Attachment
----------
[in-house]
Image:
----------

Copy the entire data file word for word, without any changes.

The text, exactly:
[in-house]
Image: